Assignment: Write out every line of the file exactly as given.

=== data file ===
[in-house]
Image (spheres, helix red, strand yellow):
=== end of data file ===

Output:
[in-house]
Image (spheres, helix red, strand yellow):